Chernoh Alpha M Bah


Summary: Chernoh Alpha M Bah is a whistle blower, journalist and anti-corruption campaigner who has defended the rights of the oppressed in Sierra Leone and elsewhere ever since he was a teenager. He has exposed corruption many times, founded and led organizations that publicize wrongdoing, and written books and given speeches about government misfeasance. He has been arrested, jailed, exiled, and threatened with lawsuits even as he lives in the United States. Nonetheless, he continues his whistle blowing against the governments of Sierra Leone and other African countries whenever they abuse their power.

Profile: Sierra Leonean Chernoh Alpha M Bah has spent virtually his entire life fighting autocrats and defending the oppressed, For his efforts, he’s had to fend off relentless threats, attacks, and penalties.

Bah’s childhood was traumatic: His father died when Bah was three years old, and his uncle regularly abused him. He fled the household when still a child: “For three years, none of my family knew where I was,” he remembers. He became a miner.

Early on, he developed a sense of what was right and what was wrong in terms of human dignity. When he was only 15, Bah helped form and then led the Pan-African Movement for Human Rights and Democratic Development, which advocated for civil rights for people in Sierra Leone. Two years later, he helped form the Awareness Movement, again, to instill democratic values into his country. And a year after that, after numerous attacks on the Awareness Movement by the ruling military junta, Bah became the editor of The Pointnewspaper.

He was soon exiled, and in Guinea formed yet another group: the Young Writers Association. This group, representing writers and journalists from all over Africa who had been attacked and otherwise persecuted, grew quickly. One result was that Bah was arrested and sent to prison on charges of “espionage and sedition”; the Young Writers Association and The Point were summarily banned. Bah’s response? When he was released, he formed the Africanist Movement. That group, with a goal of African liberation, unification, and socialism, soon numbered in the thousands. Bah spoke of the new organization: “We believe that this is a new period in the history of our struggle for the liberation and unification for Africa and African people worldwide.”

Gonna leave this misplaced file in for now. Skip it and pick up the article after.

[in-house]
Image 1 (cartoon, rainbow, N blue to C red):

While being an activist for civil rights, Bah also pursued an education, getting a Bachelor’s degree at the University of Sierra Leone and then moving to the United States to work on a Doctorate at Northwestern University. He has written many books and given many speeches, focusing on the subject of corruption and political malfeasance. His advocacy is always at the forefront of his actions,

Bah continues to write letters and articles exposing corruption, detailing, for example, unlawful political campaigning by the former President of Sierra Leone Ernest Koroma, calling on the country’s Political Parties Registration Commission (PPRC) to help stop the illegitimate use of public and state resources, accusing the First Lady of spending hundreds of thousands of dollars in public funds on personal amenities, and accusing the Office of the Chief Minister of illegally thwarting procurement regulations and illegally awarding contracts.

If he returns to Sierra Leone, he has been promised arrest and detention. The Sierra Leone government has even threatened to sue him in the United States.. The attacks on Bah are not only limited to his home country,, but other African countries have also targeted his work.

Naming and shaming enablers of corruption is not an easy job in Sierra Leone.. Many whistle blowers have been threatened and silenced. The people exposed by Bah’s publications have not taken things lightly, but have fired back at him directly. “I am not able to live a normal life due to threats I receive almost every day,” says Bah. However: “I will continue to fight as long as I live. Stopping will be a betrayal to thousands of poor Sierra Leoneans who are affected by corruption. We want to see this country corruption-free.” He is ready to pay the price for his activism.

Bah is a doctoral student in the Department of History, Northwestern University in the United States of America. Initially educated at Fourah Bay College – University of Sierra Leone, he holds a Bachelor of Arts Degree in history and sociology and a Diploma in African Studies. Prior moving to the US, Bah worked extensively in West Africa as a journalist, whistle blower on corruption, political activist, and writer. Bah is the author of the Ebola Outbreak in West Africa: Corporate Gangsters, Multinationals, and Rogue Politicians(2015), and Neocolonialism in West Africa: A Collection of Articles and Essays (2014), and is currently the editor-in-chief of the Africanist Press, a media agency and investigative journalism project focusing on democracy and free speech in Africa. His current research concentrates on the history of medicine and medical experimentation in colonial West Africa.